The Value of the Sunshine Cure: The Efficacy of the Real Estate Settlement Procedures Act Disclosure Strategy

20 Pages Posted: 5 Feb 2008

See all articles by Mark D. Shroder

Mark D. Shroder

U.S. Department of Housing and Urban Development - Position given for identification purposes only. The Department of HUD is not responsible for any opinions expressed in this publication.

Abstract

This article examines the efficacy of the disclosure strategy of the Real Estate Settlement Procedures Act (RESPA). Four questions are critical in evaluating the efficiency of federally mandated disclosure by itself as a regulatory strategy: whether lending and title fees are large enough to be worth regulating; whether the Good Faith Estimate mandated by RESPA is an unbiased and consistent estimator of lending and title fees; whether state law has a negligible effect on fees (and therefore only national regulation is pertinent to the problem RESPA addresses); and whether RESPA achieves fairness, in the sense that disclosure so strengthens the negotiating position of buyers and sellers relative to service providers that the principals' personal characteristics do not influence the fees they pay. This article presents preliminary tests on these issues from a small and somewhat unrepresentative sample of FHA-insured loans.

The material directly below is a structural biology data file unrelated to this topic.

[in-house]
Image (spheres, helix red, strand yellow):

Keywords: RESPA, Real Estate Settlement Procedures Act

Suggested Citation

Shroder, Mark D., The Value of the Sunshine Cure: The Efficacy of the Real Estate Settlement Procedures Act Disclosure Strategy. Cityscape, Vol. 9, No. 1, 2007. Available at SSRN: https://ssrn.com/abstract=1089448

Mark D. Shroder (Contact Author)

U.S. Department of Housing and Urban Development - Position given for identification purposes only. The Department of HUD is not responsible for any opinions expressed in this publication. ( email )

451 Seventh Street SW
Washington, DC 20230
United States

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